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Morris Garage - Better Known as the MG Car Company

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Morris Garage - Better Known as the MG Car Company

Award Winning MGTD

Michele Hamer
Maybe the MG car company was built by the Brits, but it was kept alive by the Yanks! William Morris (later known as Lord Nuffield) founded Morris Garage (later known as the MG Car Company) in 1928. Lord Nuffield, with the help of his managing director Cecil Kimbeirst, built the MG marque to become well known as the “everyday man's sports car”.

On June 19th, 1936 the MG Car Company announced to the world its T-type. It was the first of a new series of MG’s that would last into the 1950’s. The MGTA sported the famous radiator design, the swept wings, running boards, folding windscreen, and large accessible bonnet. It was a two seater sports car with a foldable hood and side curtains.

The MGTA sales suffered because of its poor performance from a pushrod 1250cc four-cylinder engine, subsequently only 3000 were produced. In 1939, the MGTB was introduced with the XPAG engine (1250 cc fitted with a Y type camshaft) which improved its power range, but with onset of World War II, only a few were produced. The war ceased all production of MG’s and the company was put into service for the war effort making military items.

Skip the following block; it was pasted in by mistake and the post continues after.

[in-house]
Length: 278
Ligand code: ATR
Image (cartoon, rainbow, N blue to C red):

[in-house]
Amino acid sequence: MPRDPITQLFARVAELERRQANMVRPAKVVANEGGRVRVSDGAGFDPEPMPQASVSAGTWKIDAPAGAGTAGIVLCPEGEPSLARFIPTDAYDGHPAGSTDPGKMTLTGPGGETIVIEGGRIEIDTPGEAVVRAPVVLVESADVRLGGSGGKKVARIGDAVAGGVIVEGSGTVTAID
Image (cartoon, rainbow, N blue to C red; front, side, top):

But the war did bring one good thing to the MG car company - American soldiers. Yanks stationed in England came to love the handling and good looks of traditional British roadsters exemplified by the MG, and started importing them to the US after the war. The United States had much more cash available to spend on cars than war torn Britain. This was the motivation for the MG Car Company, run under the Nuffield Organization, to change their marketing strategy and focus on North America.

The MGTC, produced from 1945 to 1949, was fitted with many elements to make it more US friendly. It had front and rear bumpers, twin horns, and dual tail lamps. But that wasn’t enough to handle American road conditions and only 10,000 cars were produced. What was really needed was a total redesign for the America market.

The MGTD, produced from 1949 to 1953, had better brakes, adjustable steering column, and an interchangeable dashboard for left or right hand driving. The TD adopted rack and pinion steering and front coil springs and wishbones. This, and a change in rear end suspension, allowed for a smoother ride and better handling. The wheel size was reduced to fifteen inches and the tire width increased to 5.50. A larger frame increased the body width five inches, and an optional radio and heater were part of the package. All of these changes made the MGTD a more comfortable and a superior riding car compared to the MGTC. Almost 30,000 TD’s were produced in four years.

One thing buyers didn’t like about the TD was that it no longer sported the wire wheels that where standard on previous models. In 1953, the MGTF was introduced with a chassis almost identical to the TD, a redesigned interior, and wire wheels were added as an option. Still the MGTF never captured the success of the MGTD in the US and was replaced by the MGA within two short years.

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